Ms. Hall’s lawyer, David J. Bailey, said the former Atlanta superintendent is innocent of all the charges.
“We intend to defend her vigorously and look forward to clearing her name,” Mr. Bailey said in an interview. “Certainly, this is an unprecedented situation.”
In 2009, the AASA named Ms. Hall the national superintendent of the year. Mr. Domenech said the organization’s governing board would likely take the unprecedented step of revoking the award if she is convicted.
“The award was given on the merits of the work that she did,” he said. “A conviction would indicate that there was no merit.” Ms. Hall also received the top urban education leadership award in 2006 from the Council of the Great City Schools, and the Atlanta district was one of five finalists for the Broad Prize in Urban Education in 2002, the inaugural year for that award.
The specter of cheating on state exams in Atlanta first became public in late 2008, when the Atlanta Journal-Constitution published stories on suspicious one-year increases in standardized-test scores in a few elementary schools. The newspaper followed up with an extensive investigation of testing throughout the school system, which triggered a state probe that uncovered how widespread the cheating had been, with nearly 180 educators involved and dating back to 2001.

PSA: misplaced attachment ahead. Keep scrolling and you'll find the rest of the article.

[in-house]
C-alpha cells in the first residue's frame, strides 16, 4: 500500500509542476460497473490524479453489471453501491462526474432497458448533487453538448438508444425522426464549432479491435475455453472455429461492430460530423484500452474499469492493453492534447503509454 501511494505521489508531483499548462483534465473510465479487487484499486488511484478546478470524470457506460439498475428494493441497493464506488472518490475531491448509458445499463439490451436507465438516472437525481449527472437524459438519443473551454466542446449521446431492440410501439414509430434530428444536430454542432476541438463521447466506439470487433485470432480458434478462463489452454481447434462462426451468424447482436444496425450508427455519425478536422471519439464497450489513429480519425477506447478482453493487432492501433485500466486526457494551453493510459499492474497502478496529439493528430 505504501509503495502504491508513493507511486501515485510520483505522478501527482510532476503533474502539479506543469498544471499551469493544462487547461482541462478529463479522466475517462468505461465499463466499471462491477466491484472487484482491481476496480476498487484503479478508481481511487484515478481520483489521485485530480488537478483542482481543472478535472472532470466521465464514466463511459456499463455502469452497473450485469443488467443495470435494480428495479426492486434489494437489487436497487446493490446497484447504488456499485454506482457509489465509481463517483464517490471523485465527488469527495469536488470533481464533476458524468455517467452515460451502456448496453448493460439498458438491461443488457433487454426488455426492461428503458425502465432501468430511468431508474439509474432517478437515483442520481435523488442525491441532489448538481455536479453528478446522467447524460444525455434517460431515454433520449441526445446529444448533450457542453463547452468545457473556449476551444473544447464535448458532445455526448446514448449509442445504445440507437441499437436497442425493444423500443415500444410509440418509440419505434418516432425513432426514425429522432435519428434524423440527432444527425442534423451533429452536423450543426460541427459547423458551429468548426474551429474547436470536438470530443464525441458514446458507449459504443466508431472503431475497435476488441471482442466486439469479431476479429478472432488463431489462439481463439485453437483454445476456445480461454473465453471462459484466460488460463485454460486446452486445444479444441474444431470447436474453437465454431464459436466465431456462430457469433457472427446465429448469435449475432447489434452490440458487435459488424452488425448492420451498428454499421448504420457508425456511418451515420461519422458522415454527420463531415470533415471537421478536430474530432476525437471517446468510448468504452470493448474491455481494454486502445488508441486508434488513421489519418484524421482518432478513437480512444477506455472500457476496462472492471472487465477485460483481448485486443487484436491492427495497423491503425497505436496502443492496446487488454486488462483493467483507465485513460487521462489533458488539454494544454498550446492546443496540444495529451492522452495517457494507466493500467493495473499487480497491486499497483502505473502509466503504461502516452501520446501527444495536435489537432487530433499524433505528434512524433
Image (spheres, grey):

Investigators for the state found that teachers, principals, and testing coordinators had either provided answers to students during the tests or corrected wrong answers after the tests were turned in. Anyone who tried to report the wrongdoing encountered retaliation, the state investigators said.
The Atlanta scandal, along with allegations of cheating on standardized tests in other school systems, such as the District of Columbia and Philadelphia, have helped fuel a backlash against standardized testing and the high-stakes sanctions and rewards attached to the results.
Some officials, including former Georgia Gov. Sonny Perdue, who ordered the state investigation, have said the cheating on state tests also casts doubt on Atlanta’s notable growth in achievement on the rigorous, federally sponsored National Assessment of Educational Progress.